Modern computer analysis makes it possible to predict stability quite accurately, but in the olden days (that is, more than 10 or 20 years ago) a simplifying criterion, tail volume coefficient, was often used to establish tail area. The tail volume coefficient is the ratio between two numbers. One of them is the product of the wing's area and its mean chord, the other the product of the horizontal tail area and the distance from the tail to the wing. (An analogous coefficient, with a slightly different cast of characters, exists for the vertical tail.)

Obviously (as authors discussing mathematical procedures like to say in order to dazzle and intimidate their readers) for an airplane of classic dimensions with a wing aspect ratio of 6, a tail area one-sixth of its wing area, and a tail moment arm equal to its semispan, the tail volume coefficient is 0.083. In practice, values range from half to two or three times that. Single-seaters, or tandem two-seaters (like a Cub or Champ, for instance) whose passenger sits right on the CG, have small tail volumes because their CG range is small; airplanes that require a larger CG range have larger tails. Engineers relying upon what could be called the It Worked Before method of airplane design crib a tail volume coefficient from a list of airplanes similar to the current project. Actually, with a little experience this can be done by eyeball alone; no calculations are needed.

Getting back to the idea of the centroid or balance point of the wing-tail combination, the balance point for the classic configuration just described is at about 43 percent of chord behind the a.c. of the wing — that is, at 68 percent of the wing chord. If you turn the configuration around, making a canard out of it, the centroid is at 43 percent of chord ahead of the a.c. of the wing, that is, at 18 percent of chord ahead of its leading edge. But lots of things nibble away at longitudinal stability — especially propellers located ahead of the CG — and in practice the aft CG limit of a conventionally configured airplane is seldom found even as far back as 35 percent of the mean chord.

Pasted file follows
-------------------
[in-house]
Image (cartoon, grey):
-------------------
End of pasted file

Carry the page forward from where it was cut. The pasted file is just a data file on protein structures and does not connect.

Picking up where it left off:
There exists, as far as I know, no firm rule about how the CG should move with loading. Common sense would suggest that fuel burn ought not to move the CG aft, at least not very much. Minimum weight should coincide with the most forward CG, to make it easy to raise the nose for takeoff. But all the nuanced design in the world is for naught if pilots do not pay attention to weight and balance. I suspect, from watching them drive in, load up and taxi out, that many do not.

Peter Garrison taught himself to use a slide rule and tin snips, built an airplane in his backyard, and flew it to Japan. He began contributing to FLYING in 1968, and he continues to share his columns, "Technicalities" and "Aftermath," with FLYING readers.